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http://dx.doi.org/10.1111/bjh.17283DOI Listing
April 2021

Allogeneic Stem Cell Transplantation in Mantle Cell Lymphoma in the Era of New Drugs and CAR-T Cell Therapy.

Cancers (Basel) 2021 Jan 14;13(2). Epub 2021 Jan 14.

SC Ematologia, Azienda Ospedaliera Santi Antonio e Biagio e Cesare Arrigo, 15121 Alessandria, Italy.

MCL is an uncommon lymphoproliferative disorder that has been regarded as incurable since its identification as a distinct entity. Allogeneic transplantation for two decades has represented the only option capable of ensuring prolonged remissions and possibly cure. Despite its efficacy, its application has been limited by feasibility limitations and substantial toxicity, particularly in elderly patients. Nevertheless, the experience accumulated over time has been wide though often scattered among retrospective and small prospective studies. In this review, we aimed at critically revise and discuss available evidence on allogeneic transplantation in MCL, trying to put available evidence into the 2020 perspective, characterized by unprecedented development of novel promising therapeutic agents and regimens.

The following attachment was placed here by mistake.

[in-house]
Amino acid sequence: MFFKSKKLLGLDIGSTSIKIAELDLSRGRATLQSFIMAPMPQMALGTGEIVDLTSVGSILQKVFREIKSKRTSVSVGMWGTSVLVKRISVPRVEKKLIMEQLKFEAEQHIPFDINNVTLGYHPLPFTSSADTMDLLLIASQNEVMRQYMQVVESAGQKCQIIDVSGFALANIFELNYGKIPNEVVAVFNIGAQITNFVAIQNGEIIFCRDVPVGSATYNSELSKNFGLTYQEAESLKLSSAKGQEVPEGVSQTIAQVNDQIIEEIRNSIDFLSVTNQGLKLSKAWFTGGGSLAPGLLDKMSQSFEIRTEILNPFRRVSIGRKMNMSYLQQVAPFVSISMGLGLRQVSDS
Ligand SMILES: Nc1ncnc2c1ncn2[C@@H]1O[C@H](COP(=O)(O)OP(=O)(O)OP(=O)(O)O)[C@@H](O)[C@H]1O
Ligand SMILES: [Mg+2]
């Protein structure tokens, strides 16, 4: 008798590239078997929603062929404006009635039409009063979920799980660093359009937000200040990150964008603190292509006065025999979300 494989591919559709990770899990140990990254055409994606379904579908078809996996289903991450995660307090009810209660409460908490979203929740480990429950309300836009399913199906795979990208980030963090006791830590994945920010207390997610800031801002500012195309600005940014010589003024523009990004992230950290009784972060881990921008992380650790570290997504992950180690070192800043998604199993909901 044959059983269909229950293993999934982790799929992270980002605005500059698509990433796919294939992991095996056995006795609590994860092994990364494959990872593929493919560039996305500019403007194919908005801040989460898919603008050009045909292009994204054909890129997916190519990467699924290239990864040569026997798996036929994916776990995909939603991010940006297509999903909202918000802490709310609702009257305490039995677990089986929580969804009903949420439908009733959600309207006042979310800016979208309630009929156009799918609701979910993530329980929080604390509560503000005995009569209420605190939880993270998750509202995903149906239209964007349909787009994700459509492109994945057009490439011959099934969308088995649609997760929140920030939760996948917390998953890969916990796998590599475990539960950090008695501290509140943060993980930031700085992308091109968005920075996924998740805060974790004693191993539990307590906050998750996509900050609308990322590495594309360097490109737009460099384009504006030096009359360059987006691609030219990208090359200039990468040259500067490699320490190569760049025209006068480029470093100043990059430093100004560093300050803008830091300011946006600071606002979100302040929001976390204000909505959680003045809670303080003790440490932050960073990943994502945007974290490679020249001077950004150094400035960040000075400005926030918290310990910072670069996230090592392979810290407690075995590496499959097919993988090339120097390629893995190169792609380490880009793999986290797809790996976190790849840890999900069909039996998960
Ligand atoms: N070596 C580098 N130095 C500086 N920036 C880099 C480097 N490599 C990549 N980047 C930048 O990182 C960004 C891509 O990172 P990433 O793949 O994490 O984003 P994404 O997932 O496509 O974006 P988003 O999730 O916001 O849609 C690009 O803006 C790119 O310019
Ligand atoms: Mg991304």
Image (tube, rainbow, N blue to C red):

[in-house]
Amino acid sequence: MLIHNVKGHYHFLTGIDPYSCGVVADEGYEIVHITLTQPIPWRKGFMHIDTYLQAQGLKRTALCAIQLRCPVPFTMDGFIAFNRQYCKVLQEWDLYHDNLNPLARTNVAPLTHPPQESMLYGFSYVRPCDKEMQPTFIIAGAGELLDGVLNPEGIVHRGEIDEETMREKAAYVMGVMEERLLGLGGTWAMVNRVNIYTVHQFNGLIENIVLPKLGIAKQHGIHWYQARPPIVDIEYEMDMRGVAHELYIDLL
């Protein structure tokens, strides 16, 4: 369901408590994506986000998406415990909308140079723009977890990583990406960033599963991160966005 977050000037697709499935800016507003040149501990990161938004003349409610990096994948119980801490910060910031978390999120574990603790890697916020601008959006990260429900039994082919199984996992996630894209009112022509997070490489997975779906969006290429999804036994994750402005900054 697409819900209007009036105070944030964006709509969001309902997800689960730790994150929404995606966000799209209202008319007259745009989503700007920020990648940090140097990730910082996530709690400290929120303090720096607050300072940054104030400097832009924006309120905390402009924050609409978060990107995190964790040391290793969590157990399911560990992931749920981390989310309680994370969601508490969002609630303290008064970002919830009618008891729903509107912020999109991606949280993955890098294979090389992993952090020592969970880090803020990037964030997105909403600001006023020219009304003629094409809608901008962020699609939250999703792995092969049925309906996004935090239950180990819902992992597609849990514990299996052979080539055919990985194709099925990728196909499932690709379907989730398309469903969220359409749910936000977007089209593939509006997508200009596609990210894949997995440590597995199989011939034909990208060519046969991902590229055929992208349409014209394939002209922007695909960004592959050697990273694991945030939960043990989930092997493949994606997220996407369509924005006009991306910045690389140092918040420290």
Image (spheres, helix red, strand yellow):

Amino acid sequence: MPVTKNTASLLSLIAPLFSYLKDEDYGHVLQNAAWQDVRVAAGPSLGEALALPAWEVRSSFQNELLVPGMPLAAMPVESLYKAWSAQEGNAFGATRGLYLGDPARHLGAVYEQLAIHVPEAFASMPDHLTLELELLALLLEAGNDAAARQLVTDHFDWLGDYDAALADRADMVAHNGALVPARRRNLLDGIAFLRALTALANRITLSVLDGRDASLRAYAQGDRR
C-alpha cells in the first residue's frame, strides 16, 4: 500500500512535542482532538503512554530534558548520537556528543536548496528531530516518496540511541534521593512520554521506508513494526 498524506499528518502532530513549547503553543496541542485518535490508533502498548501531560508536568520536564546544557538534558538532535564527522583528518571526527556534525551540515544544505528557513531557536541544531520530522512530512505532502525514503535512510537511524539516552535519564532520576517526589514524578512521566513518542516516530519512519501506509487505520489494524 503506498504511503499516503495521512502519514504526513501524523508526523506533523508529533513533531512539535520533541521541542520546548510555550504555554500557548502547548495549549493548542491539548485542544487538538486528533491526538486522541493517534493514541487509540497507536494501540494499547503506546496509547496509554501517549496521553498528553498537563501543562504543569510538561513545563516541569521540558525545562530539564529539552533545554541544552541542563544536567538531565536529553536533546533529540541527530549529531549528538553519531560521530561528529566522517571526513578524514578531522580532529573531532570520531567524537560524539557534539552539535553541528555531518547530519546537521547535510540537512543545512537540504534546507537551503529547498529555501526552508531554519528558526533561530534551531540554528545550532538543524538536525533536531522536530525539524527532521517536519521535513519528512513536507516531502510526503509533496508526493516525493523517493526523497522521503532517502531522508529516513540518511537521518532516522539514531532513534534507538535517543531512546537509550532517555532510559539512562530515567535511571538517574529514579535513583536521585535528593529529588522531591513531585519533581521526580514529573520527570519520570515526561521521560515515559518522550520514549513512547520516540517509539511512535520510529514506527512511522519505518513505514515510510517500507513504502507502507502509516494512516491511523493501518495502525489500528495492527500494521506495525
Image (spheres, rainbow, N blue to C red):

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http://dx.doi.org/10.3390/cancers13020291DOI Listing
http://www.ncbi.nlm.nih.gov/pmc/articles/PMC7830938PMC
January 2021

Lenalidomide maintenance after autologous haematopoietic stem-cell transplantation in mantle cell lymphoma: results of a Fondazione Italiana Linfomi (FIL) multicentre, randomised, phase 3 trial.

Lancet Haematol 2021 Jan 22;8(1):e34-e44. Epub 2020 Dec 22.

Department of Translational and Precision Medicine, Sapienza University of Rome, Roma, Italy.